On Thursday, November 7, the Maritime and Port Authority of Singapore (MPA) stated that a fire broke out aboard the Panama-flagged tanker ‘HOYU’ around 9.7 nautical miles from Pedra Branca, within Singapore waters.
The MPA added that the fire has been put out and all 18 crew members have been safely evacuated, after the Singapore Civil Defence Force, Singapore Police Coast Guard and the Republic of Singapore Navy deployed vessels to assist the HOYU crew.
Reuters reports that at the time, the tanker was fully loaded with an unspecified oil cargo and was bound for the Philippines, according to Eikon data. Yet, no reports of injury or pollution were reported and traffic remained unaffected. The incident is still under investigation, MPA added.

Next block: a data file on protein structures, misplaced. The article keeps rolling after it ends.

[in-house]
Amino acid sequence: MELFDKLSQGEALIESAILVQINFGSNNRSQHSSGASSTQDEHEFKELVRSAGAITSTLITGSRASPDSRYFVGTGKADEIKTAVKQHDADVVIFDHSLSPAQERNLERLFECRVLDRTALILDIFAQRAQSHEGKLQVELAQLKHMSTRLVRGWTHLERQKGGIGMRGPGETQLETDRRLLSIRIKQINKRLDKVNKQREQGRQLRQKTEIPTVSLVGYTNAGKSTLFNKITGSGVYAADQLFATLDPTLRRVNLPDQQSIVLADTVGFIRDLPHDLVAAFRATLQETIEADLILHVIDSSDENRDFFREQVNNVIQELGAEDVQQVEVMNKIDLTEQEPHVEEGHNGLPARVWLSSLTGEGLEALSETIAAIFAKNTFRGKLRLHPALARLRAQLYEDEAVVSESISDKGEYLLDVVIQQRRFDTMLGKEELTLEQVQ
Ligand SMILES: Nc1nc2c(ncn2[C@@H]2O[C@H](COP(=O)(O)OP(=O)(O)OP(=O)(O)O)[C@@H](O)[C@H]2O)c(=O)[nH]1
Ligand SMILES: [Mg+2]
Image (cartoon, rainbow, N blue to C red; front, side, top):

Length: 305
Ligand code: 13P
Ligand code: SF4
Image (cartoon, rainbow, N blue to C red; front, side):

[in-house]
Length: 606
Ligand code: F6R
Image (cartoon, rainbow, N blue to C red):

In fact, fire is considered as one of the most challenging emergencies onboard because, if not properly addressed from the beginning, it entails the risk of total loss of the ship and of injuries/ fatalities. One way to address this emergency is the proper training through efficient and regular drills which ensure that crew members are ready to handle a fire onboard. As such, the industry has incorporated in SOLAS, Chapter 19 which refers to emergency drills, a specific paragraph for fire drills.
The quick response to fire emergencies onboard is of outmost important, taking into consideration that almost half of fire incidents take place while vessel is at sea, as statistics from the Baltic Sea Maritime Incident Response Group Project (2015) revealed; 43.7% at port, 56.3% at sea.